At 25 km, our blisters reminded us of being humans. Our pace slowed down and we started a very mild ascent to Tibradden Mountain leaving the Pine Forest or Tibradden Wood behind. We climbed further to Fairy Castle, the highest point on the Dublin Mountains Way (537m). Throughout the entire way, Dublin showed its best views of the Phoenix Park and the Pope Cross, house roofs, Aviva Stadium, two Chimneys, Dublin Port… The scenery was fascinating and breathtaking. We saw Howth and Dun Laoghaire, Sugar Loaf… We met groups of Germans, French, Irish and many others.

At Three Rocks Mountain/Fairy Castle, we started our descent and entered Tiknock forest. This part was steep. We crossed the Gap Mountain Bike Adventure Park to reach Glencullen. Got lost at the end but just for a sec and reached the Glencullen junction at 2.30pm. It took us 8 hours with walks and stops from start to finish to complete the 30 km challenge in a day. We got tired but felt happy and satisfied.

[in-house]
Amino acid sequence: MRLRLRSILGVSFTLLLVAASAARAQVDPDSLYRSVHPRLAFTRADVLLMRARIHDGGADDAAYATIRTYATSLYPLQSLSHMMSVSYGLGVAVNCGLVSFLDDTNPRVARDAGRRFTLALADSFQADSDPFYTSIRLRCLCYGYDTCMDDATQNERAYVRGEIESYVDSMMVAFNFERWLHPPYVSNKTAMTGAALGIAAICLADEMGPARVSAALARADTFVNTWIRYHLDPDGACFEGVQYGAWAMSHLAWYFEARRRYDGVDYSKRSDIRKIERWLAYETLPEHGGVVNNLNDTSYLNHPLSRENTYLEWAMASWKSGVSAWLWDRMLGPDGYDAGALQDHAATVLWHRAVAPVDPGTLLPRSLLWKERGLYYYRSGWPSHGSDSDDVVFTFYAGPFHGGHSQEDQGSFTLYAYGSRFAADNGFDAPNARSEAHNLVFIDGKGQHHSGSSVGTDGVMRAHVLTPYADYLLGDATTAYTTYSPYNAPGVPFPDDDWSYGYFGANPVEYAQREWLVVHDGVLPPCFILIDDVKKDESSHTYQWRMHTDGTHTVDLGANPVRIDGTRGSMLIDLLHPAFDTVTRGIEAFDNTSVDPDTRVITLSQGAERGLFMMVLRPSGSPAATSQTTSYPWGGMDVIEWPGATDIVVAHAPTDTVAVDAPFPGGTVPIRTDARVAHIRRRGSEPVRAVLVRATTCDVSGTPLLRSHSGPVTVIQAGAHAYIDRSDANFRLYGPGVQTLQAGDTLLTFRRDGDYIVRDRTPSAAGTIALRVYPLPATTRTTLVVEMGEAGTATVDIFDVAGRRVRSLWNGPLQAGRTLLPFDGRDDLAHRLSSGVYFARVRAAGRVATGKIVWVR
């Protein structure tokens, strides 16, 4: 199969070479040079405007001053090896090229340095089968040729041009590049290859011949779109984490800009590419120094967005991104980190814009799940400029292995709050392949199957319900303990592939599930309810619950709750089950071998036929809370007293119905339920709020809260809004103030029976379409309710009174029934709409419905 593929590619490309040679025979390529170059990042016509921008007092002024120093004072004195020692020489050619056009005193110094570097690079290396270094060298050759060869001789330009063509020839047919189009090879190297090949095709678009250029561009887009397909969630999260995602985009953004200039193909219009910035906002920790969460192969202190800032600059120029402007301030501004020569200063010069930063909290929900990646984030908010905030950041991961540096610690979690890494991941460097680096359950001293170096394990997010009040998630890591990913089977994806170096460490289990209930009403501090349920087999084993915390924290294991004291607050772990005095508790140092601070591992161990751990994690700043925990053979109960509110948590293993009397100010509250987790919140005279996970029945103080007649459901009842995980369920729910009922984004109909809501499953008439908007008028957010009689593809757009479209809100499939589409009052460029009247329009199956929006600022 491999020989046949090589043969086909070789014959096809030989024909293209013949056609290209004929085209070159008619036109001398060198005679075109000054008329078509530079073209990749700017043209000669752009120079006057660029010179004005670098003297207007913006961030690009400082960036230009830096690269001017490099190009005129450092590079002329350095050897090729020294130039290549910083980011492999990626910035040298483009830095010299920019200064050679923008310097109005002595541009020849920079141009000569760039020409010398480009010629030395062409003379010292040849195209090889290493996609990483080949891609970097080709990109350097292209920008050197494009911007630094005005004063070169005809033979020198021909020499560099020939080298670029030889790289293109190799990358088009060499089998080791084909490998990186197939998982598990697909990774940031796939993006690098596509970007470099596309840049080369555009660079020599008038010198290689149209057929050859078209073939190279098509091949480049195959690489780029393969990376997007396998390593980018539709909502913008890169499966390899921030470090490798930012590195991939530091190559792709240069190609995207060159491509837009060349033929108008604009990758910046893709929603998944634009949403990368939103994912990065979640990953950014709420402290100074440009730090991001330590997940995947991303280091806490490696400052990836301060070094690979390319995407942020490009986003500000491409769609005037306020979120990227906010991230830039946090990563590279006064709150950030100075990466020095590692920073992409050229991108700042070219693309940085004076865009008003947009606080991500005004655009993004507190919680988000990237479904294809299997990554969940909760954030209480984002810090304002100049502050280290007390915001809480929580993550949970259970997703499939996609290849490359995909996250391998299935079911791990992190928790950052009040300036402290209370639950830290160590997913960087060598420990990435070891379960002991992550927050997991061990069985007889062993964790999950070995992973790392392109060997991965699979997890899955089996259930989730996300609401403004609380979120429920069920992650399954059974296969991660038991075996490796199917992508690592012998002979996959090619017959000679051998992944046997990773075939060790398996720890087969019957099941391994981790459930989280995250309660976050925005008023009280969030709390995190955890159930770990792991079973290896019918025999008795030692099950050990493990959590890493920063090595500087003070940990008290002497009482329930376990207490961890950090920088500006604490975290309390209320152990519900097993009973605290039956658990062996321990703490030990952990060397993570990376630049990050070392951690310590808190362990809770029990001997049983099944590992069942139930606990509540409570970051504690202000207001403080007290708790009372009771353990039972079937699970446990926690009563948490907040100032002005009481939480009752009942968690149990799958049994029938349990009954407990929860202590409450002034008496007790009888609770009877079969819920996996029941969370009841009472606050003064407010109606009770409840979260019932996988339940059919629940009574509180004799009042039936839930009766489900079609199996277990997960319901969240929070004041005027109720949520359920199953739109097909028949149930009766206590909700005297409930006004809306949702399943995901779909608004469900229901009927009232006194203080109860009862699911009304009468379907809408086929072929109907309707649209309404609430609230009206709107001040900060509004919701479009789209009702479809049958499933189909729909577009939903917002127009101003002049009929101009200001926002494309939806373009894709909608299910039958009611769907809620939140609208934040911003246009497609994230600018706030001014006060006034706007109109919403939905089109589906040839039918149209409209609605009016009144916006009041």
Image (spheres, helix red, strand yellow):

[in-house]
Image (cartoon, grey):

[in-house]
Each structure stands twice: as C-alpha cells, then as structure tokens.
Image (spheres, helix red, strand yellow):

We aimed to raise awareness of childhood cancer in general and neuroblastoma in particular as well as honour children with cancer, their parents, siblings, friends and careers, doctors and nurses, volunteers in the hospitals and researchers working to find cancer weaknesses and develop new treatments that are friendly to patients and target cancer aggressiveness.

We will count our tally in the coming days and transfer it to three wonderful charities that support childhood cancer research.

We thank everyone who supported this challenge!

Go raibh maith agat!

Dublin Mountain Way in A Day, September 25th 2021

Here are our plans. This year we have upped the challenge, taking on the Dublin Mountain’s Way in a Day ⛰ We will hike through the Dublin Mountains from Tallaght to Glencullen, and maybe even all the way to Shankill on September 25th! Our challenge is not only to do #DMW in a Day & support three wonderful charities CMRF Crumlin/National Children’s Research Centre, Neuroblastoma UK and the Conor Foley Neuroblastoma Cancer Research Foundation but also beat our past fundraising records! If we raise 2K+, we’ll do 30km in a day. If 3K+ then 42km! Can u challenge us?  All funds raised will go to the 3 selected charities. Every donation big or small is hugely appreciated!

Please support us by donating to our Gofundme

https://gofund.me/ec59f131

Childhood Cancer Awareness Month 2021

Every 100th cancer patient is a child. Cancer is the 2nd most common cause of death among children after accidents.